Chemical elements
  Thorium
    Isotopes
    Energy
    Production
    Application
    Physical Properties
    Chemical Properties
      Thorium Hydride
      Thorium Fluoride
      Thorium Oxyfluoride
      Potassium Thorifluoride
      Thorium Chloride
      Thorium Oxychloride
      Complex Thorium Chlorides
      Thorium Bromide
      Thorium Oxybromide
      Thorium Iodide
      Thorium Dioxide
      Thoria
      Metathorium Oxide
      Thorium Hydroxide
      Thorium Superoxide
      Thorium Sulphide
      Thorium Sulphite
      Thorium Sulphate
      Complex Thorium Sulphates
      Thorium Selenite
      Thorium Selenate
      Thorium Nitride
      Thorium Nitrate
      Thorium Orthophosphate
      Thorium Arsenates
      Thorium Carbide
      Thorium Carbonate
      Thorium Formate
      Thorium Acetate
      Thorium Oxalate
      Thorium Tartrate
      Thorium Acetylacetone
      Thorium Silicide
      Thorium Silicate
      Thorium Borides

Thorium Carbonate






The precipitate obtained by adding sodium carbonate to the solution of a thorium salt is a basic carbonate which dissolves readily in excess of carbonate solution, forming a complex salt. This property serves to distinguish and separate thoria from other rare earths whose carbonates do not so readily dissolve in excess of alkali carbonate. From this solution alcohol precipitates the complex salt Na6Th(CO3)5.12H2O as a crystalline powder; the following salts have also been obtained: K6Th(CO3)5.10H2O, (NH4)2Th(CO3)3.6H2O, Tl6Th(CO3)5.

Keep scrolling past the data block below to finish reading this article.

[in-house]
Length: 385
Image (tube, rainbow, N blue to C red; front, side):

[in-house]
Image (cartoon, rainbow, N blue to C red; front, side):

According to Chauvenet thorium oxide absorbs carbon dioxide, forming orthocarbonates. Under ordinary pressure the compound 2Th(OH)4.CO2 is produced, but under 30-40 atmospheres the ortho-carbonate ThCO4.2H2O. Under this latter pressure the anhydrous oxide yields ThCO4.6ThO2. The addition of sodium carbonate to a thorium salt solution forms ThCO4.8H2O, which loses 6H2O in a vacuum, and on heating to 120° C. forms the basic salt 2ThCO4.2ThO2.3H2O.


© Copyright 2008-2012 by atomistry.com